Before it became synonymous with a theater, the Blackfriars was a London precinct at the nexus of the city, the church, and the court, ideally located at the intersection of London’s two rivers. Ralph Alan Cohen, Director of Mission and Co-Founder of the American Shakespeare Center which is home to a replica of the Blackfriars Playhouse, looks at how the place and the playhouse mirrored one another and made the Blackfriars the place to be and the place to be seen. Reserve your seat.
David Schalkwyk and actors from Taffety Punk:
Readings from The Roaring Girl
Actors from DC’s Taffety Punk Theatre Company present a staged reading of excerpts of The Roaring Girl, a bold, brilliant play by Thomas Middleton and Thomas Dekker. The play was first produced in 1611 and was restaged famously in the 1980s by the Royal Shakespeare Company. David Schalkwyk, Folger’s Director of Research, talks about why this “city comedy” reveals so much about Jacobean London. Reserve your seat.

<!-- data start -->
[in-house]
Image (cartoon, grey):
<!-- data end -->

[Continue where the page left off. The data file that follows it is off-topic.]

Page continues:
June 5–September 30:
Open City: London, 1500–1700
Open City explores three everyday gathering places—church, theater, and market—and how they influenced the way in which Londoners formed communities, negotiated social relations, and understood their places in the world.
201 East Capitol Street, SE | Washington, DC 20003
Call for Papers: “Hammering It Out”
The Shakespeare Conference: SHK 23.0246 Friday, 15 June 2012
From: Philip Collington <
Date: June 15, 2012 11:13:31 AM EDT
Subject: Call for Papers: “Hammering It Out”